12 Songs, 40 Minutes

EDITORS’ NOTES

Whether you categorize Jim Campilongo as a jazz artist, an alt-country explorer, or perhaps simply an exceptional guitarist who blurs boundaries, there’s no denying that he and his Fender Telecaster were made for each other. This collection of mostly instrumental tunes spans the range of rock, country, and classic jazz, with Campilongo’s finger work not so much ablaze with speed as with stunning dexterity and inventiveness. While “Monkey In a Movie” has a glinting rock edge, “Hamster Wheel” nods to ‘60s psych-blues and “Mr. and Mrs. Mouse” is torn between surf and spaghetti-western twang, most of the album simmers with a jazzier flavor. There’s a smoky nightclub vibe on both “Pepper” and the favorite standard “Cry Me a River” (one version here with Norah Jones on vocals), a dash of art-skronk playfulness on “Menace” and “Heaven Is Creepy,” and the spirit of Django Reinhardt at work on “The Prettiest Girl In New York.” Campilongo plays with unfettered joy, and listening is an equally blissful experience.

EDITORS’ NOTES

Whether you categorize Jim Campilongo as a jazz artist, an alt-country explorer, or perhaps simply an exceptional guitarist who blurs boundaries, there’s no denying that he and his Fender Telecaster were made for each other. This collection of mostly instrumental tunes spans the range of rock, country, and classic jazz, with Campilongo’s finger work not so much ablaze with speed as with stunning dexterity and inventiveness. While “Monkey In a Movie” has a glinting rock edge, “Hamster Wheel” nods to ‘60s psych-blues and “Mr. and Mrs. Mouse” is torn between surf and spaghetti-western twang, most of the album simmers with a jazzier flavor. There’s a smoky nightclub vibe on both “Pepper” and the favorite standard “Cry Me a River” (one version here with Norah Jones on vocals), a dash of art-skronk playfulness on “Menace” and “Heaven Is Creepy,” and the spirit of Django Reinhardt at work on “The Prettiest Girl In New York.” Campilongo plays with unfettered joy, and listening is an equally blissful experience.

TITLE TIME
2:36
2:37
5:02
5:29
2:54
2:31
2:17
3:13
3:58
2:18
3:05
4:45

About Jim Campilongo

Jim Campilongo was born and raised in San Francisco and began playing guitar in the mid-'70s, buying his first guitar with Green Stamps. His first teacher exposed him to a wide variety of music, but it was hearing Roy Buchanan that convinced him to make a living as a guitarist. By the early '90s, Campilongo was taking guitar students, in addition to playing with a variety of groups in a variety of styles. In 1990, one of those students gave him a 1959 Telecaster in exchange for some bass lessons and it quickly became Campilongo's signature.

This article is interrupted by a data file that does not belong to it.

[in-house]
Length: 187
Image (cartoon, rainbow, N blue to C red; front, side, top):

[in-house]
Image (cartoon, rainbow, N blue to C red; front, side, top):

"Playing that '59 Tele changed everything for me. It was like it told me to get serious.” Around 1993, Campilongo formed the 10 Gallon Cats with steel guitarist Joe Goldmark. They released their debut album of Speedy West/Jimmy Bryant-inspired instrumentals in 1996 and ultimately recorded three albums as a band. Campilongo's first solo album came in 1998; the critically acclaimed Table for One. After a live recording in 2000, Campilongo left San Francisco for New York City in 2002.

There he formed his new Electric Trio as well as the Little Willies with Norah Jones. Since 2005, Campilongo's Electric Trio has had a Monday night residency at New York's Living Room, where he as been joined on-stage by the likes of Charlie Hunter, Norah Jones, Martha Wainwright, and Nels Cline. In 2010, Campilongo released Orange, his most wide-ranging effort to date.

It was produced by Anton Fier, whose resurrected Golden Palominos have also featured Campilongo.

That same year, Campilongo was honored by Fender when their custom shop began producing a Campilongo signature Telecaster. In early 2014, he released Dream Dictionary with his new trio of Chris Morrisey (bass) and Josh Dion (drums). In addition to playing, Campilongo still teaches and is also a contributing editor for Guitar Player Magazine. ~ Sean Westergaard

Top Songs by Jim Campilongo

Top Albums by Jim Campilongo

Listeners Also Played